When I talk about feminism, I talk about my brownness

We need spaces where we can be free of both sexism and racism – also known as an intersectional approach. Race has to be recognised as a feminist issue.

by Drima Chakraborty, Change Maker 

Racial Harmony Day is a dreaded day of the year forappropriating sari Indian girls in local schools. It seems like everyone who is not Indian decides to “wear” (or “sushi wrap”?) a sari. Don’t get me wrong, we love it when friends to borrow a sari or actually try to learn how to put it on. But it is disrespectful when they buy a 12-foot piece of cloth, wrap it haphazardly, and call that a sari; or when cliques of Singaporean Chinese girls take pictures with their hands joined and a leg in the air in some mockery of yoga. But they don’t recognise this is racist. 

To achieve gender equality, we need to think about how racial inequality persists.  People of the same gender are not equal among one another, because of race.  Yet, when I bring up racism and how it works together with sexism and other forms of discrimination, I get told to quit being a malcontent and keep it down. 

Singapore prides itself in being post-racial – I encounter the attitude that we were colonised too and therefore can do no wrong racially. Some schoolmates even claimed to be above all this pettiness and commented that feminism and activism was great, but how my too direct, too rough approach discredited everything I did – suggesting they were unwilling to hear uncomfortable truths. 

But for non-Chinese women in Singapore, the experiences of racial discrimination and gender discrimination cannot be separated.  Upon being crowned Miss Singapore Universe, Rathi Menon of Indian origin was bombarded with hate on social media and forums, by Singaporeans who felt that she was unrepresentative of Singaporean beauty. She was brown-skinned unlike everyone’s favourite Korean pop icons or the pale East Asian women in SKII commercials.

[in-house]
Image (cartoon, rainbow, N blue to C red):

holi-colorsI found myself on the receiving end of this when a well-liked girl in school made an online posting using an anti-black slur, and then continued reiterating that the slur in question was not racist at all.  When I challenged this, the responses were appalling: “You’re not black, just dark brown, so why be the defender of black minorities?” “Stop trying to be the model minority, there are no black people here.”  Who gave them the permission to use these words in the absence of black people?

Many of the women and girls who defended me, who were not East Asian, were subjected to insults on our appearances – a case where sexism and racism came together. 

We need more awareness of the reality of racial discrimination in Singapore.  Too many people hear “regardless of race, language or religion” and believe that all of us are treated fairly.  Questioning this belief is taken to be racist.  “Colour-blindness” means that the racial majority does not realise that we need equity, not equality.  Equality is seeing that the scales are unbalanced and then adding equal amounts of weight to both sides, while equity is adding more weight to the lighter side to balance the two sides. To balance the scales, policies and social studies needs to be more inclusive of race, and not “blind” to it. 

We have to look beyond this façade and critically examine our micro-aggressions towards other races, firstly within activist spheres, and then within our larger community. If not, it will continue to be the case that I get racial slurs hurled at me when I discuss gender equality or sexist slurs when I discuss racial equality.  We need spaces where we can be free of both sexism and racism – also known as an intersectional approach.  Race has to be recognised as a feminist issue.

About the author: Drima is a trash-talker and brown intersectional feminist. They suggest you not wear a sari by holding it in place and spinning in a circle about twenty times.

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